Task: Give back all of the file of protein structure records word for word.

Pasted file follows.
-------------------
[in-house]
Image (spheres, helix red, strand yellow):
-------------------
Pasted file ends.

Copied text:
[in-house]
Image (spheres, helix red, strand yellow):